I agreed to try to help and turned to George Steinbrenner the owner of the Yankees for assistance. And here comes a story about George that is witness to his generosity to those with acute needs. When I explained what Franz had asked and the many complexities the Yankees organization and I would have to face if we were to proceed, George was immediately supportive. “It is not going to be easy for us and him,” he responded, “ but we will help all we can.”

That was all I needed and with the deft cooperation of the Yankees, we brought Franz to a final game at the Stadium. His bed had to be tilted so he could see the field from the owner’s office Steinbrenner had made available but somehow we managed. The logistics effort was considerable but the touching letter I later received from Franz made it all worthwhile.

When I called George to thank him, he shrugged off my profuse appreciation –“I am glad it worked out for him.” I had the sense he was a bit embarrassed by letting me see his gentle side. This was not as well-known as the tough guy side. But I never forgot what he had made possible for my friend Franz.

Not long after the baseball visit, Franz died. He had endured many years of total paralysis, but never lost his good cheer.

It is impossible not to think of Franz when I see a tape of that memorable Gehrig speech at Yankee Stadium on the day he was born.

Interestingly, George Steinbrenner was born on the fourth of July as well.

It is often said baseball brings generations together. In baseball, Franz, George and I came together briefly. On this Fourth of July I will remember them and Gehrig and ALS. Presinding from the poet-- Life like baseball is a series of tragedies separated by times of sheer joy.

Fay Vincent is a former CEO of Columbia Pictures Industries and from 1989-92 served as the Commissioner of Baseball.

This video is really good and has a portion of his farewell speech in it.

Here is the full text of his Farewell speech:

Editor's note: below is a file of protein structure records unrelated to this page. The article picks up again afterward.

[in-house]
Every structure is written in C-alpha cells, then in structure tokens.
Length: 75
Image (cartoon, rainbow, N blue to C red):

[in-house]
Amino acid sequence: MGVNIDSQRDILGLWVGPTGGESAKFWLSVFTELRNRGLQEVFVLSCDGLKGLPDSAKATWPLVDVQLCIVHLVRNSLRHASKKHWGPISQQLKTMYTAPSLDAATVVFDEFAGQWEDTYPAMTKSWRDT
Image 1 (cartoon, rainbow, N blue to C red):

"Fans, for the past two weeks you have been reading about the bad break I got. Yet today I consider myself the luckiest man on the face of this earth. I have been in ballparks for seventeen years and have never received anything but kindness and encouragement from you fans.

"Look at these grand men. Which of you wouldn't consider it the highlight of his career just to associate with them for even one day? Sure, I'm lucky. Who wouldn't consider it an honor to have known Jacob Ruppert? Also, the builder of baseball's greatest empire, Ed Barrow? To have spent six years with that wonderful little fellow, Miller Huggins? Then to have spent the next nine years with that outstanding leader, that smart student of psychology, the best manager in baseball today, Joe McCarthy? Sure, I'm lucky.

"When the New York Giants, a team you would give your right arm to beat, and vice versa, sends you a gift - that's something. When everybody down to the groundskeepers and those boys in white coats remember you with trophies - that's something. When you have a wonderful mother-in-law who takes sides with you in squabbles with her own daughter - that's something. When you have a father and a mother who work all their lives so you can have an education and build your body - it's a blessing. When you have a wife who has been a tower of strength and shown more courage than you dreamed existed - that's the finest I know.

"So I close in saying that I may have had a bad break, but I have an awful lot to live for."

Friday, July 1, 2011

Set in stone

My Parents monument has arrived.

Its beautiful! I was blessed to see it the day after it had been set. Its very shiny so pardon the reflections in the headstone.

The boys approve :)